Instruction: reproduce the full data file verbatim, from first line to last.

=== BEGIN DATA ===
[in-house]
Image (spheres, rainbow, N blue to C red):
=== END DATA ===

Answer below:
[in-house]
Image (spheres, rainbow, N blue to C red):